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    Hm, I would think for me to learn, it would be faster to have me type the code. Then again, from web design I never have been much of a fan of WYSIWYG editors.
    "Quality of responses may vary. I reserve the right to change my mind for any reason what-so-ever without admitting I was wrong. I'd prefer to change your mind however, it's easier on my ego". - jwdonahue

    "so no-one has actually bothered to post an original quote ? what's wrong with making up your own?"
    - marnixR
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    People go on about WYSIWYG editors like they go on about open-source software. Knee-jerk.

    I've used Dreamweaver quite a bit. I've never used the WYSIWYG mode. I looked at it and it's not even close to accurate. I've never let it generate a single line of code. It still has a reasonably decent and configurable editor, FTP, some version control, etc.

    Any deficiencies I have in web design or programming or anything else are mine, not Dreamweaver's or any other editor's or IDE's.
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    Language Most in Demand


    It looks like javascript is becoming the most popular, and thus, most in demand language out there. This would be the language I would focus on if I wanted to make a living as a programmer.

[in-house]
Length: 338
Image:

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    Originally Posted by georgealarcon
    It looks like javascript is becoming the most popular, and thus, most in demand language out there.
    Javascript is leveraged in many other development platforms for interface concerns, including ASP, etc. However, that's what they give the entry level "developers" to work on while the actual development is being done. It's pretty hard to screw it up and if you do it's going to be easy to fix, unlike security and querying databases, etc.
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    Originally Posted by medialint
    Javascript is leveraged in many other development platforms for interface concerns, including ASP, etc. However, that's what they give the entry level "developers" to work on while the actual development is being done. It's pretty hard to screw it up and if you do it's going to be easy to fix, unlike security and querying databases, etc.
    That's 100% true until someone at the top decides to make the site entirely javascript with no actual HTML output at all except the JS code. The structure of the organization changes without the roles changing, and then you end up with Gawker, down for nearly 3 weeks because their site changed to JS-only and the code was wrong.